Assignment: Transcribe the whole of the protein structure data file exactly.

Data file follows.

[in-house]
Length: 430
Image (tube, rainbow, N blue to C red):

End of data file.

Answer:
[in-house]
Length: 430
Image (tube, rainbow, N blue to C red):